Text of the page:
Special Analyses

It has been determined that this Treasury decision is not a significant regulatory action as defined in Executive Order 12866. Therefore, a regulatory assessment is not required. It also has been determined that section 553(b) of the Administrative Procedure Act (5 U.S.C. chapter 5) does not apply to these regulations. For applicability of the Regulatory Flexibility Act, please refer to the Special Analyses section of the preamble to the cross-referenced notice of proposed rulemaking published in this issue of the Bulletin. Pursuant to section 7805(f) of the Internal Revenue Code, these regulations will be submitted to the Chief Counsel for Advocacy of the Small Business Administration for comment on their impact on small business.

Amendments to the Regulations

Accordingly, 26 CFR parts 1 and 31 are to be amended as follows:

PART 1—INCOME TAXES

Paragraph 1. The authority citation for part 1 continues to read, in part, as follows:

Authority: 26 U.S.C. 7805 * * *

Par. 2. Sections 1.6302-1 and 1.6302-2 are amended as follows:

Section Remove Add
1.6302-1(c) third sentence to the district director (or director of a service center)  
1.6302-1(c) fourth sentence the district director or director of a service center with  
1.6302-2(b)(6) last sentence to the district director or director of a service center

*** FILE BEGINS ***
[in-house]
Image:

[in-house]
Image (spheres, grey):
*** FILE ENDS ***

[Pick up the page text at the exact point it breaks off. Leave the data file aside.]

PART 31—EMPLOYMENT TAXES AND COLLECTION OF INCOME TAX AT SOURCE

Par. 3. The authority citation for part 31 continues to read, in part, as follows:

Authority: 26 U.S.C. 7805 * * *

Par. 4. In the list below, for each section indicated in the left column, remove the language in the middle column and add the language in the right column:

Section Remove Add
31.6302-1(e)(2) first sentence §31.6011(a)(4) or (5) §31.6011(a)-4 or §31.6011(a)-5
31.6302-1(k)(1) first sentence District Director notice Notice
31.6302-1(k)(1) first sentence from the district director  
31.6302-1(k)(1) first sentence, second parenthetical district director Commissioner
31.6302(c)-1(a)(3) last sentence to the district director or director of a service center  
31.6302(c)-1(b)(1) first sentence from the district director  
31.6302(c)-1(b)(1) first sentence, third parenthetical by the district director  
31.6302(c)-2(c) last sentence to the district director or director of a service center  
31.6302(c)-3(b)(4) last sentence to the district director or director of a service center  

Par. 5. Section 31.6011(a)-1 is amended by adding paragraph (a)(5) to read as follows:

§31.6011(a)-1 Returns under Federal Insurance Contributions Act.

(a) * * *

(5) [Reserved]. For further guidance, see §31.6011(a)-1T(a)(5).

* * * * *

Par. 6. Section 31.6011(a)-1T is added to read as follows:

§31.6011(a)-1T Returns under Federal Insurance Contributions Act (temporary).

(a)(1) through (a)(4) [Reserved]. For further guidance, see §31.6011(a)-1(a)(1) through (a)(4).